Second is the 'age related' route where normally you can show everything is new apart from the single Donor cars items i.e. if you have owned the donor car used, and can present a V5 typical showing that the engine used in the kit is from your donor and that everything other than what has come from your donor was purchased new, then you, at the DVLA's discretion, can be awarded an age related plate reflecting the age of the donor. This can then allow a private plate to be fitted.
The third route is a 'Q' plate, this is where you have used multiple vehicle components rather than a single donor or all new. Although this registration marking hides the age of the vehicle you cannot transfer a private plate on to the vehicle.
The most common option is the use of an 'age related' plate. To comply you will have to fill out forms V55/5 and V267 and submit inclusive of supporting information. The V55/5 form is a carbon copy form, therefore has to be ordered, at no cost, over the internet at http://www.dvla.gov.uk/onlineservices/order_forms.aspx ensure you tick the box marked importation pack, these forms can also be obtained from your local DVLA offices.
V55/5 – Application for a First Licence for a Motor Vehicle and Declaration for Registration – for use by individuals to register used vehicles, e.g. imported, discovered, rebuilt.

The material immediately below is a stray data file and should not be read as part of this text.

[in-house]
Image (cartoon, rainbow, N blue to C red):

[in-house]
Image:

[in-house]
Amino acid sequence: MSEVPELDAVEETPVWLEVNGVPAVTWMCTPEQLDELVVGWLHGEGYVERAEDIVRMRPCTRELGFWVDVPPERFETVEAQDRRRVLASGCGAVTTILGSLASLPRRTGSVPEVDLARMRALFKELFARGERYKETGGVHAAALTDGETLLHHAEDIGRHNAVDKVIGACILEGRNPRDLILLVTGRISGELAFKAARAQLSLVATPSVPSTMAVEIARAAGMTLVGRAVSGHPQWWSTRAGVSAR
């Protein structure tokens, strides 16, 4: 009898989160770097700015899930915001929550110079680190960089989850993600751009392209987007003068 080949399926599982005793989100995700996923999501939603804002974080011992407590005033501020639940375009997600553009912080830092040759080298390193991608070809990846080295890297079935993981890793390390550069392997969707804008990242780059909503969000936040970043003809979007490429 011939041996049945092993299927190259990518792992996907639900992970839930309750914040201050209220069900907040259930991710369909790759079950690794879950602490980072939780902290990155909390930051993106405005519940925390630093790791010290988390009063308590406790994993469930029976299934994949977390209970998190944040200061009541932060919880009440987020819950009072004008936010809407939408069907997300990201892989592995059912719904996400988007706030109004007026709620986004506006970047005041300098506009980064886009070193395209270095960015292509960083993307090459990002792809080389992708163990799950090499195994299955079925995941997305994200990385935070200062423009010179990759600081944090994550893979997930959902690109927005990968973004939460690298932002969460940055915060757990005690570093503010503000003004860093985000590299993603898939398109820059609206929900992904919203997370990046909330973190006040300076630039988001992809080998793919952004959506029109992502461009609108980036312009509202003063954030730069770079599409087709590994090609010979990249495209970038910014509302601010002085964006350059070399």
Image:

You do not need an MOT, there is common confusion on this issue as its not always clear however within the latest DVLA's staff training manual for processing kit cars, is a section that states that an MOT certificate is not required as the SVA/IVA process is deemed to be more than adequate. You may need to draw this paragraph to the attention of the DVLA staff member processing your application.
Rather than submitting your application via post and risk loosing your required proof of identity, driving licence or passport, I would recommend you visit your DVLA office in person and submit your application. This has the added benefit of not only being able to keep your hands on your driving licence/passport but ensure that all forms are correctly filled in and the supporting information is deemed acceptable. While there you should also be able to arrange an appointment to have the VIN and Engine number checked by a supposedly 'police trained' DVLA official.
Unfortunately and even though you can drive your car to and from the SVA/IVA test you will have to trailer the vehicle to the DVLA, they get quite upset if they find out you've driven it there, (unless you can prove your on route back home from the VOSA test centre and have just received your MAC) be warned they can impound or report the vehicle to the police for unlawful use, they are becoming quite strict on this issue as to many people are turning up and claiming they didn't know it was illegal.
I submitted all documentation in person by hand and while there arranged an appointment for the following week to have my VIN and Engine number checked. The process was harmless enough and thankfully the very nice staff at the DVLA Bangor office where not only very helpful but appeared to be very much on the ball and knowledgeable about kit car registration.
The following week soon came around and everything went smoothly and within the hour I found myself departing not only with the car on the trailer of course but with a tax disc for 6months + 1week and a letter enabling me to purchase numberplate's.
Needless to say on the way home I made a slight detour and purchased a pair of plates that were quickly attached to the car on my arrival home.
'Let the shake down begin'